We can represent a relationship like this by using a more general pair type called a dependent pair[2]. Dependent pairs have the form {x : A & f x}, which can be read as "a value we'll call 'x' of type A, along with a value of type 'f x'". Here 'f' is just some function, so we can calculate our types from runtime values.

In our case we want A to be Type and f to be the identity function. This gives us {x : Type & x} which is the type of pairs where the first element is the type of the second element. This is exactly what we want to return from eval.

Once we've called eval, we want to be able to pull out the second element (the value the AST evaluates to) and use it in our program. I did this with "projT1" and "projT2" above, which are just the dependent-pair equivalents of "fst" and "snd".

The thing is, we only want to pass around this extracted value in a type-safe way. This requires us to know its type at compile-time. How can we find out its type? We can look at the first element of the dependent pair. But the dependent pair is calculated from an AST node at runtime, how can we know what it is at compile time?

The only way we can know is if it is always the same. For example, I can write the following function which evaluates an AST and adds 5 to it:

evalThenAddFive x = (runExtract x) + 5

Now, what is the type of this function? It clearly returns an Int, but what is the type of x? It is *not* just an AST, since that wouldn't be type-safe. The type of x is 'an AST which evaluates to an Int'.

In Coq I can write such a type by adding an extra argument which proves that x evaluates to an Int, like this:

Definition evalThenAddFive (x : AST) (p : extractType (eval x) = Int) : Int
        := (runExtract x) + 5.

Note that we never mention the *value* which x evaluates to, so that can be completely dynamic. We only require that it's always an Int. Also note that the reason we returned the type from eval was originally because we couldn't work it out beforehand. That's still the case *in general*, but having access to the type allows us to write proof obligations like p above.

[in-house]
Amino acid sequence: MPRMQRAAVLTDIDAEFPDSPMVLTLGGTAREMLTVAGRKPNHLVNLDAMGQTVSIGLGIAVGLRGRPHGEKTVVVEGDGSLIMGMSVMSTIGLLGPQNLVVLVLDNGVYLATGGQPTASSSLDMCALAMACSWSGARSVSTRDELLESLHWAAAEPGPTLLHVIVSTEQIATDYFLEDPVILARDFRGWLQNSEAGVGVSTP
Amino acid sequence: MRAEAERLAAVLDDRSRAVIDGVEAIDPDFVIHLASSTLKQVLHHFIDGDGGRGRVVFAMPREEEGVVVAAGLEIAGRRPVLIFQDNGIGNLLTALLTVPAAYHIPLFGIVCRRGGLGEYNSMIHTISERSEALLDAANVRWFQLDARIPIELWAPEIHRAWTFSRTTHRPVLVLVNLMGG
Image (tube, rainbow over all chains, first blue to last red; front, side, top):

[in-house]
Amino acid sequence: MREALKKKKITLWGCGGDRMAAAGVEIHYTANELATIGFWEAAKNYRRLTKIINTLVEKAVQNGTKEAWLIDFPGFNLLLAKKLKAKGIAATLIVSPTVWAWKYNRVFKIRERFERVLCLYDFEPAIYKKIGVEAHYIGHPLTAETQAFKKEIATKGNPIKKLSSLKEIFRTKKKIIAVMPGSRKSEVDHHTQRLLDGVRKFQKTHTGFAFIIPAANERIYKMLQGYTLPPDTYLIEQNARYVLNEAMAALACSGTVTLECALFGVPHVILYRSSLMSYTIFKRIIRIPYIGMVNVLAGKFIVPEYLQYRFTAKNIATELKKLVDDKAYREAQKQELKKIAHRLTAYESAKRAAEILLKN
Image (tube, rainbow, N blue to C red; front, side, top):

In the case of C, the

In the case of C, the language has basically no existing support for type-safe code rewriting. Adding it would require the following:
1) A representation of ASTs, along with a library of functions for creating them, manipulating them, traversing them, etc.
2) A theorem-prover with a model of C's type system and the AST representation.
3) A compiler for turning ASTs into machine code.

Given the above, we can generate programs in AST form by using the AST library. We can then use the theorem prover to show that our AST program has the C type we want. We can them compile it with the AST compiler, load it into memory and jump to it (this may require some indirection, depending on the machine architecture and OS; eg. x86 Linux doesn't allow executing data).

The thing is, C's type system is incredibly weak, so there's not much point going to all this effort just to maintain some flimsy semblance of safety. It's much easier to just dump code into RAM and jump to it, safety be damned.

If a language has a powerful type system, like Haskell for example, then the safety guarantees may be worth the effort of dumping ASTs through a compiler.

If the language has a really powerful type system, like Coq, we can push those safety guarantees right back into the AST-generating functions, to guarantee that ill-typed ASTs can never be generated in the first place.

"x86 Linux doesn't allow

"x86 Linux doesn't allow executing data"

Actually you can change the protection status of a region using the mprotect() library function (perhaps that's what you meant by "indirection", but usually people use that term for a jump table or similar).

I don't know why you'd want

I don't know why you'd want to mutate the AST at run time. I'm not aware of any language that allows this, statically typed or not (except maybe Perl 6, I'm not sure). You *can* however do Lisp style macros in a statically typed language. Check out Scala for example. Also check out MetaOCaml for a language extension that lets you generate new code at run-time.

I don't know why you want that either.

Your question is weirdly interesting, so I want to know your train of thought making you think of this. Can you articulate your motive prompting the idea? (It's okay if it's hazy and hypothetical; a lot of useful reasoning starts that way before careful sorting.)